A trust is an entity by which one person, a trustee, legally holds title to some assets that should be administered for the beneficiary’s benefit. Most commonly, trusts are usually established with a Life Insurance Policy. Life policies are generally agreed upon so that the death benefit and the investment value of the policy will be evenly distributed. Usually, the policyholder dies first, and then the beneficiaries take over the investment value of the life insurance policy.
Civil partnerships are another common form of trust formation. A civil partnership is simply a transaction in which two parties enter into a partnership to become legally joined as husband and wife. A civil partnership begins the day one spouse becomes a resident of the United States and continues until the end of the life of either spouse. In addition to having their life insurance policy in which the investment is made, the trust will also have a separate bank account. The assets and other monies held in the trust are accumulated. Civil partnerships are often financed with a life insurance policy and sometimes are financed with a small estate in which the trust grows the investments and does not become liable for paying off the procedure.
In some situations an individual may establish a marital trust. Marital trusts can be financed with either a life insurance policy or a conventional savings account and can also be financed with an estate. The proceeds of the estate are exempt from taxation until distribution unless the trust has already been destroyed in some other way. Once the estate is destroyed, proceeds from the estate are exempt from taxation unless the trust itself is destroyed.
Some people use a life insurance policy or a trust to hold the estate and pay the tax proceeds upon the death of the beneficiary. These funds can then be distributed to the beneficiaries with or without additional taxes being paid by the estate. However, there are circumstances where it may not be possible to distribute the proceeds from the estate in this manner. In these instances, the trust would need to provide for funding the dependents of the decedent’s estate.
Separate trusts may also be established for the purpose of providing funding for the probate of a decedent’s estate. In such cases, separate legal representatives are appointed to act as agents for the trust and to divide the proceeds amongst the beneficiaries of the estate upon the death of the decedent. An irrevocable life insurance policy can be used in these situations.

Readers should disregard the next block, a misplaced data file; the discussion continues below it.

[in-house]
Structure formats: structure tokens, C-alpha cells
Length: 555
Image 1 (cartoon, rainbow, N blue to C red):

Revocable living trusts may also be established to provide for distribution of the estate following the decedent’s death. Revocable trusts are created by executing and recording a power of attorney for the decedent. This gives the legal representative of the trust the power to decide how the trust should be liquidated upon the decedent’s death. A power of attorney for trust also allows a beneficiary of the trust to request funds in the event that they become incapacitated, unable to obtain the requested funds, or unable to obtain the necessary approval for distribution from another individual or entity.
Upon death of a beneficiary of a life insurance trust, the decedent’s beneficiaries are entitled to receive the entirety of the decedent’s life insurance policy proceeds. If the proceeds from the policy are less than the premiums, the excess is generally split between the remaining beneficiaries. It is important that the proceeds from the life insurance trust be distributed in a timely manner to avoid the possibility of dissipation. Usually, at least five years must elapse before the proceeds can be distributed. There are times when the proceeds from a life insurance trust can be distributed sooner.
When a person is making an estate plan, they must document all of the specifics including a trust. The tax consequences of having a trust include the fact that it makes the transfer of property more complicated and requires the review of tax laws, the application process of estate planning, and the reporting requirements of the Internal Revenue Service. The grantor must always remember that their trust does not convey any right or obligation to the beneficiaries. The grantor must disclose in their estate plan any details regarding the trust such as who is the person acting as the trustee. The grantee is responsible to pay taxes on the gift they make to the charity.